Many different surgical treatments for laryngeal paralysis have been described over the years. The most common procedure is some form of unilateral arytenoid mobilization. This technique alleviates signs consistently, effectively and immediately, is simple to perform, has a relatively low complication rate, and is not radical or invasive. Two basic variations of arytenoid mobilization have been reported--either a cricoarytenoid laryngoplasty (= abduction of the arytenoid), or thyroarytenoid lateralization (= lateral and caudal displacement of the arytenoid), or a combination of both. There is little difference in clinical outcome between techniques. Further modifications include variation on the degree of cricothyroid disarticulation, transection of the interarytenoid cartilage, and suture tension. Complete disarticulation of the cricothyroid joint weakens the lateral support to the larynx, and it should be discouraged. Adequate exposure can be obtained without CT disarticulation. Transection of the interarytenoid cartilage distorts the rima glottidis, and is not necessary with cricoarytenoid laryngoplasty. Suture tension should not be excessive, as the arytenoids are already somewhat abducted from the endotracheal tube, and high suture tension may increase the incidence of post-operative aspiration pneumonia. If the cartilages are calcified, they could fragment, so extra should be taken when penetrating the muscular process.

The overall advantages of the arytenoid mobilization are a consistent increase in lumen size, with good clinical results. The technique does not require tracheostomy, there is a low risk of intraglottic scar formation, and it is a quick procedure to perform.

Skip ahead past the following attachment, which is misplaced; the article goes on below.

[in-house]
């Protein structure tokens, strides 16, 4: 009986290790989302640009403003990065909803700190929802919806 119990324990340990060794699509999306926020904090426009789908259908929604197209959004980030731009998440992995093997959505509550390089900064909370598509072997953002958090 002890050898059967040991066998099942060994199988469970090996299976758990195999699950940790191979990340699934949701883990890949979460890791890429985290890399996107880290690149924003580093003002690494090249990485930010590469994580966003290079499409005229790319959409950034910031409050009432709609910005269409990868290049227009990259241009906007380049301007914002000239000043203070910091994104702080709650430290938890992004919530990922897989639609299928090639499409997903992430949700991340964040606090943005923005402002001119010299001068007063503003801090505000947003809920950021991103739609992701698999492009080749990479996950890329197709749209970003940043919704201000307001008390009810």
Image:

Most dogs have an improved quality of life following surgery, with significantly reduced upper airway obstruction. Minor complications include seroma formation, some coughing associated with eating/drinking, and occasionally only moderate improvement in exercise tolerance. The major post-operative complication is post-operative aspiration pneumonia, with some reports up to 24%. Factors associated with increased risk of developing complications include: preoperative aspiration pneumonia, postoperative megaesophagus, temporary tracheostomy placement, and concurrent neoplastic disease, and possibly size. Cases that present with aspiration pneumonia post-operatively (sometimes months after surgery) can generally be treated successfully, although some patients will have recurrent episodes. We are currently concluding a prospective, long-term cohort study looking at risk factors for development of aspiration pneumonia, which runs at 6% in our hospital.